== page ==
Summary

As it often happens, there’s no best solution that would fit all projects. Every game is different and there’s games that don’t need RTTI at all.

For larger game projects with heaps of gameplay editing involved I’m leaning towards Unreal Engine 3 approach i.e. manual RTTI including manual serialization on the C++ side and automatic RTTI with automatic serialization on the scripting side (assuming there is one). Many popular scripting languages already have full reflection support in place which makes things easier there.

For projects where WYSIWYG editing isn’t priority, full blown RTTI system with attribute level information may not be necessary at all. Even more so with projects where in-place serialization (one block of memory used for multiple objects) is being done making it mostly redundant to maintain any kind of attribute information at run-time.

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Posted in game engine, general programming | 4 Comments

How I sold 22 copies of my game in 3 weeks on Android

To check previous article in the series click here.

Free on Android, paid on iOS

It’s been 3 weeks since Monstaaa! release on Android via Google Play, so I thought it’s high time I share some more statistics. In fact they’ve been rather shocking – in a negative way, unfortunately – when it comes to the actual revenues given great reviews (average around 4/5), very positive general feedback, high ratings from users (average around 4.5/5) and higher than with iOS number of downloads (over 10k). Apparently, Android turned out to be a very tough market for Monstaaa!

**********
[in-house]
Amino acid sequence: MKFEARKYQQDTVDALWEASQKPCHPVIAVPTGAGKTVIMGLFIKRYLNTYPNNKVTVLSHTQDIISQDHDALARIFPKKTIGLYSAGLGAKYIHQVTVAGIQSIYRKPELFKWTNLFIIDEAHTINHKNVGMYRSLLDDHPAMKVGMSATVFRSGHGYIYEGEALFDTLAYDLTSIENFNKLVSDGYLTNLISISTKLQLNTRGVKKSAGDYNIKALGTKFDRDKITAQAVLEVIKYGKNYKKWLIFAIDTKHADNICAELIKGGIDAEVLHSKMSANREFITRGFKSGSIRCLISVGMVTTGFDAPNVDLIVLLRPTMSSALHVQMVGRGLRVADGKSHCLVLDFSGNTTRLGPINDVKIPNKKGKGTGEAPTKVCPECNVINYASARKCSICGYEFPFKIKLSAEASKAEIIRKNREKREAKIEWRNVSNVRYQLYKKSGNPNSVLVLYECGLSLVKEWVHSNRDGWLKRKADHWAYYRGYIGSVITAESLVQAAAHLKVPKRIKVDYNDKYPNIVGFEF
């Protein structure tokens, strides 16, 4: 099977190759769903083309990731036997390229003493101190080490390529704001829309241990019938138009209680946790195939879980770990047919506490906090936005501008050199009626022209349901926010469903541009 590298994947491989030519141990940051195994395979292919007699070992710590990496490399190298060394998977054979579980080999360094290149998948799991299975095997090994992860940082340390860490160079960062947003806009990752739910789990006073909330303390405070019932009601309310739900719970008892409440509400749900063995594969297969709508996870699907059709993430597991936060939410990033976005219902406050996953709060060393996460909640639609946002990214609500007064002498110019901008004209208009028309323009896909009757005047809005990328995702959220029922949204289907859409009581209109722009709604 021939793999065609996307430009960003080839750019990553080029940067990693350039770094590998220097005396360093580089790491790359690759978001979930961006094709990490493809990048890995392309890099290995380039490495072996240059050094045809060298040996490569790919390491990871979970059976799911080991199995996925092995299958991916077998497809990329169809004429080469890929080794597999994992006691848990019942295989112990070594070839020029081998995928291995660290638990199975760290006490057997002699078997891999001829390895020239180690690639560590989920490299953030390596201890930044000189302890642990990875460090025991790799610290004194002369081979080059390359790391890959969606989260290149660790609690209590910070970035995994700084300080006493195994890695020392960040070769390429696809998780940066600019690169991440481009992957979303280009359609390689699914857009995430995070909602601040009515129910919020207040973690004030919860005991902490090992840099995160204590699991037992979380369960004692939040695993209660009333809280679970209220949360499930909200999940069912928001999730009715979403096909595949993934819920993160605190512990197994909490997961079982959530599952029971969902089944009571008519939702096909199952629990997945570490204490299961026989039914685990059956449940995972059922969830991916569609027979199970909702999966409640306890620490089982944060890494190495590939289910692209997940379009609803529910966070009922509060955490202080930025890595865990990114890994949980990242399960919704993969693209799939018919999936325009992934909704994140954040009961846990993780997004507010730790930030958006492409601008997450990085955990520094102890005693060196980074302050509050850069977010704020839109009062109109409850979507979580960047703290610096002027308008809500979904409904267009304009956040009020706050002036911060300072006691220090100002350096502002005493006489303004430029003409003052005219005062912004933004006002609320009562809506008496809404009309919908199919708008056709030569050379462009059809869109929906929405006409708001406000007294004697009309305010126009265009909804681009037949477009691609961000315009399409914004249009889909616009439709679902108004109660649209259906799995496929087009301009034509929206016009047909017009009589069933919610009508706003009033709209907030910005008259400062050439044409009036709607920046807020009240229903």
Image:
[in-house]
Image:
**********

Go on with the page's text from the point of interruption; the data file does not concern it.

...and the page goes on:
Keep in mind though that unlike iOS version which is paid at $0.99, Android version is Free with $0.99 in-app purchase that unlocks full game. According to my statistics, Android version has been played on more devices than iOS version and yet the sales have been roughly 50 times lower! Part of the reason for that surely was the fact that iOS version has been featured for one week by Apple themselves in New & Noteworthy (only Australia and New Zealand though!) whereas Android version hasn’t been mentioned anywhere at Google Play. Besides iOS version had a lot more reviews on gaming portals – probably result of me pushing a bit more with marketing when iOS version came out.